AN 89-year-old former teacher told today how she had to be carried to safety, after her cottage in a North Yorkshire village flooded with water.

Ruth Mitchell was trapped upstairs in her home by the deluge that ripped through her pretty beck-side home of almost 60 years in Sutton-under-Whitestonecliffe, near Thirsk, on Sunday night, following freak thunderstorms.

The waters destroyed her belongings, flattened a stone wall, wrecked her garden and forced her to seek refuge upstairs.

"I flashed a torch out of the window, but it didn't seem to do much good. Somebody sent for the fire brigade and they came and rescued me," said Mrs Mitchell.

"I don't think I was particularly distressed or panicky... it was just the power of the water that staggered me."

Mrs Mitchell said she saw her belongings carried off in the torrent.

Over the road, Martin Knighton told how he and his family watched as water ripped through his neighbour's garage, puncturing its side and sending one car smashing into the house, and a second car into a shed, destroying it.

Two of the three boats stored in the garage were swept out, and found in fields almost a mile away.

"It went from being nothing to six or seven feet of water in about 15 minutes, I'm not exaggerating," said the trainee website designer.

The neighbour's garden was left littered with muddy belongings - mountain bikes, sails, toys and furniture, which had all been swept away in the torrent.

Mal Austwick, of North Yorkshire Fire and Rescue Service, said: "The beck flash-flooded right the way through the bottom of the village. We have had a least half-a-dozen properties severely damaged by flood water. Five or six feet of flood water came through and took everything with it that wasn't fixed down. It's also left eight to ten inches of silt in their homes."

Fire crews also had to rescue an elderly man who was trapped by floodwater. The bridge outside the village to Thirlby, about two miles away, was badly damaged and is impassable to vehicles.

Local MP Anne McIntosh expressed her "deepest regrets and sympathy" for those that have been severely affected by the flash-flooding, particularly in Thirsk, Sutton-under-Whitestonecliffe and their surroundings.

A FIRE CHIEF said that lives would almost certainly have been lost if the ferocious flooding that struck North Yorkshire had happened earlier.

Tony Dyer, group manager for North Yorkshire Fire and Rescue Service, spoke as residents and local MP John Greenway inspected damage in Helmsley.

Mr Dyer said: "The water was so ferocious and fast-flowing. Our main concern was the motorcycle rally at Duncombe Park. I'm told the previous night there were 8,000 people there.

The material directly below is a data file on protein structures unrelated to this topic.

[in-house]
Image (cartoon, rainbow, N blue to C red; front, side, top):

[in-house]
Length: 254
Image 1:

"Had it occurred before, I'm almost certain there would've been some loss of life. We did have people clinging on to trees and trapped on islands by rising floodwater."

In total, ten people were rescued from life-threatening situations by the fire service, including several by RAF Sea King helicopters.

As soon as dawn broke yesterday, about 20 householders in Bondgate and Ryegate began a massive clean-up operation, helped by firefighters and district council workers.

Saturated carpets were placed in soggy piles on mud-caked roads while residents waded through inches of thick black silt, surveying the damage in the cold light of day.

"What a mess. I feel absolute sympathy," Mr Greenway said, as he spoke to flood victims in the town.

Helmsley was one of several communities left devastated after a month's rain fell in only six hours on Sunday night, causing rivers to burst their banks.

The ground floor of Jane and Bub Bartlett's home, in Ryegate, became entirely flooded, with two feet of water, ruining their furniture and possessions and leaving behind a layer of mud.

"It hit us very quickly, it was quite surprising. We normally expect it to come up the garden, but of course it came from the road," said Mrs Bartlett.

Butcher Brian Thompson was a double victim of the torrent. Both his home and shop were flooded. He said: "I've been totally flooded. I've had it every which way. It's total devastation."

Up to 300 of his sheep were swept away from their field by the deluge and perished. His daughter's horse was also swept away and injured.

Mr Thompson is waiting to hear if £5,000-worth of cooked meats were spoiled.

The Rev David Wilbourne, of All Saints' Church in the town, said: "It's a community that's a long way from anywhere so it's self-sufficient and people look after one another, and that's what they've been doing."

The town's main bridge over the River Rye was reopened at 3pm yesterday, after engineers confirmed it was structurally sound.

Crisis line

Crisis-hit residents in the Hambleton district should call the dedicated Floodline on 01609 767028 for help, while those in the Ryedale District Council area should phone the authority as usual on 01609 600666.

Updated: 09:53 Tuesday, June 21, 2005